#3**+3 **

After thinking about this one for quite some time, I think that I have found the magical conjugate: \(3^\frac{1}{3}-1\).

First of all, I will convert all the radicals to exponential form.

\(\frac{2*9^\frac{1}{3}}{1+3^\frac{1}{3}+9^\frac{1}{3}}\)

Now, let's use the magical conjugate.

\(\frac{2*9^\frac{1}{3}}{1+3^\frac{1}{3}+9^\frac{1}{3}}*\frac{3^\frac{1}{3}-1}{3^\frac{1}{3}-1}\) | Let's simplify the denominator first just to prove that this conjugate is indeed as magical as I claim. |

\(\left(1+3^\frac{1}{3}+9^\frac{1}{3}\right)\left(3^\frac{1}{3}-1\right)\) | Let's do the distributing of every term. |

\(1*3^\frac{1}{3}-1*1+3^\frac{1}{3}*3^\frac{1}{3}-1*3^\frac{1}{3}+9^\frac{1}{3}*3^\frac{1}{3}-1*9^\frac{1}{3}\) | This looks pretty menacing. Let's just simplify this monstrosity somewhat. |

\(3^\frac{1}{3}-1+\left(3^\frac{1}{3}\right)^2-3^\frac{1}{3}+9^\frac{1}{3}*3^\frac{1}{3}-9^\frac{1}{3}\) | This still does not look very nice. There is some cancelling that can occur here. |

\(-1+3^\frac{2}{3}+\left(3^2\right)^\frac{1}{3}*3^\frac{1}{3}-\left(3^2\right)^\frac{1}{3}\) | It is wise here to make every exponential term in the same base. This will allow the computation to occur. Let's continue simplifying to see what will happen. |

\(-1+3^\frac{2}{3}*3^\frac{1}{3}-3^\frac{2}{3}\) | Look at that! More exponential terms are cancelling out. In fact, they are all going away! |

\(-1+3\) | |

\(2\) | |

That's a glorious realization to make, huh? The magical conjugate has transformed such a complex denominator into something extraordinarily simple. Let's calculate the numerator now.

\(\left(2*9^\frac{1}{3}\right)\left(3^\frac{1}{3}-1\right)\) | Once again, convert all exponents to common bases and distribute. |

\(9^\frac{1}{3}=\left(3^2\right)^\frac{1}{3}=3^\frac{2}{3}\\ 2*3^\frac{2}{3}*3^\frac{1}{3}-1*2*3^\frac{2}{3}\) | Notice how the multiplication involves a common base, so you can add the exponents together. |

\(2*3-2*3^\frac{2}{3}\) | Let's bring back that denominator of 2! |

\(\frac{2*3-2*3^\frac{2}{3}}{2}\) | Of couse, if both terms in the numerator has a factor of 2, like here, then we can simplify further. |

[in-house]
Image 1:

\(3-3^\frac{2}{3}\\ 3-\sqrt[3]{3^2}\Rightarrow 3-\sqrt[3]{9}\) | Since the problem was given in radical form, it is generally considered good form to remain consistent and provide the answer in radical form, too. |

TheXSquaredFactor Feb 3, 2018

#1**+1 **

\(\dfrac{2\sqrt[3]9}{1 + \sqrt[3]3 + \sqrt[3]9}\\ =\dfrac{2*(3^{1/3})^2}{1 + (3^{1/3}) + (3^{1/3})^2}\\ \)

there is not much you can do with this.

Melody Feb 3, 2018

#2**0 **

Melody, CPhill, Hectictar: The above reduces to: 3 - 3^(2/3), but cannot get that far !! See if you can!

Guest Feb 3, 2018

#3**+3 **

Best Answer

After thinking about this one for quite some time, I think that I have found the magical conjugate: \(3^\frac{1}{3}-1\).

First of all, I will convert all the radicals to exponential form.

\(\frac{2*9^\frac{1}{3}}{1+3^\frac{1}{3}+9^\frac{1}{3}}\)

Now, let's use the magical conjugate.

\(\frac{2*9^\frac{1}{3}}{1+3^\frac{1}{3}+9^\frac{1}{3}}*\frac{3^\frac{1}{3}-1}{3^\frac{1}{3}-1}\) | Let's simplify the denominator first just to prove that this conjugate is indeed as magical as I claim. |

\(\left(1+3^\frac{1}{3}+9^\frac{1}{3}\right)\left(3^\frac{1}{3}-1\right)\) | Let's do the distributing of every term. |

\(1*3^\frac{1}{3}-1*1+3^\frac{1}{3}*3^\frac{1}{3}-1*3^\frac{1}{3}+9^\frac{1}{3}*3^\frac{1}{3}-1*9^\frac{1}{3}\) | This looks pretty menacing. Let's just simplify this monstrosity somewhat. |

\(3^\frac{1}{3}-1+\left(3^\frac{1}{3}\right)^2-3^\frac{1}{3}+9^\frac{1}{3}*3^\frac{1}{3}-9^\frac{1}{3}\) | This still does not look very nice. There is some cancelling that can occur here. |